Comparative Effects of Recreational and Medical Marijuana Laws on Drug Use among Adults and Adolescents
Thirty-four states have medical marijuana laws, and 10 states have recreational marijuana laws. Little research compares how these two types of laws affect drug consumption in the general population or in particular age groups. Using a difference-in-differences strategy, we find that recreational laws increase past-year marijuana use by 25 percent among adults and by 10 percent among adolescents. In contrast, medical laws increase adult use by only 5 percent and have a negligible effect on adolescent use. We also find that recreational marijuana dispensaries are an important driver of the increase in marijuana use for adults 26 and older. Our results suggest that medical laws succeed in mitigating recreational (nonmedical) use, that recreational laws produce large increases in marijuana use in the general population, and that underage marijuana use may be an important problem with existing implementations of recreational marijuana laws.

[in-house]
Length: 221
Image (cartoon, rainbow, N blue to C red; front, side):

Hollingsworth, Alex; Wing, Coady; and Bradford, Ashley C.
"Comparative Effects of Recreational and Medical Marijuana Laws on Drug Use among Adults and Adolescents,"
Journal of Law and Economics: Vol. 65:
3, Article 4.
Available at: https://chicagounbound.uchicago.edu/jle/vol65/iss3/4